Linux

A Linux for everyone (and everything)!

Jack Wallen was hit with an idea that could turn the Linux (and Windows) world on its ear. It's all about a Linux operating system that could do absolutely everything you needed to do. Read on and judge for yourself if this idea could work.

Yesterday, I was on one of my many bike rides (those rides where I do most of my "what should I write about now" thinking) and I was doing the old word association game with myself. During this word association game I said "Windows" which lead to "MS Linux". Of course we all remember the time when the rumors were running rampant that Microsoft was working on a version of Linux that would take the world by storm. It would have the stability, security, and reliability of Linux and all the applications of Windows! Wow, what a idea...that of course, amounted to nothing more than a poorly constructed rumor.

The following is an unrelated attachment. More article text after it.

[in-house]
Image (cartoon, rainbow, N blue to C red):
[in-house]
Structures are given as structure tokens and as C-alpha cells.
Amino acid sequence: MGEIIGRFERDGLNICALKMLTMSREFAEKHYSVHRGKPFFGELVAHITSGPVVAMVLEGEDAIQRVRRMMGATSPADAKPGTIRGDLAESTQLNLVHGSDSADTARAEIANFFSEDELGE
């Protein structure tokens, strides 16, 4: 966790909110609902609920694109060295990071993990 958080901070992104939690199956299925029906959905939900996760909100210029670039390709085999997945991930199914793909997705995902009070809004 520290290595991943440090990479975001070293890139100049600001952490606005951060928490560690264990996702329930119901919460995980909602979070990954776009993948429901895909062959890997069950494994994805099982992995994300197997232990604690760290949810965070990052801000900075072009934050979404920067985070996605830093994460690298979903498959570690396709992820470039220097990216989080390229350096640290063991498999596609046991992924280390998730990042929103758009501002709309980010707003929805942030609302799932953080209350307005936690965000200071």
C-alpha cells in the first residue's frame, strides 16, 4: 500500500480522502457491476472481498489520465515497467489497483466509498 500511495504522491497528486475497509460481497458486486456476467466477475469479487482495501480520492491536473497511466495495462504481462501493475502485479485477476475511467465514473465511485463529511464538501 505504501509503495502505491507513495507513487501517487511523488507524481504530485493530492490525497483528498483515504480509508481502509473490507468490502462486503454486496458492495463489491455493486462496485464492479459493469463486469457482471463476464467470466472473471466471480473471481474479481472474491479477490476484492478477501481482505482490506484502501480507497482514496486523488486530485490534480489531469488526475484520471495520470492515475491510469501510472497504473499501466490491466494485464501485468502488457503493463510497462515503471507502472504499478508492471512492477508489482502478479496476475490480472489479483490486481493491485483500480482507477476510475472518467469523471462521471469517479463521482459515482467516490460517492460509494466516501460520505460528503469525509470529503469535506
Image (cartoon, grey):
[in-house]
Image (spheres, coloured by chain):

Of course that thought lead me to something altogether different -- a thought that could have traction, could have meaning, could have serious implications.

What if a distribution of Linux was developed that included everything people needed to run standard Linux applications as well as everything they would need to run Windows applications...even games! Stick with me, it could work.

Here's what would this magical distribution would need to include:

  • Standard Linux distribution: Let's say Ubuntu since it still reigns as the user-friendly king.
  • Open Office: In case the user doesn't want to pay for MS Office.
  • The GIMP: (Or Inkskape or Blender) In case the user doesn't want to pay for Photoshop.
  • Cedega: So the user could play Windows-based games.
  • CrossOver Linux: So the user could run MS Office.
  • Browser plugins: So the user does NOT have to worry about installing any plug-ins themselves.
  • Multimedia codecs: For all popular multimedia types.
  • WINE: As a catch-all for other Windows apps.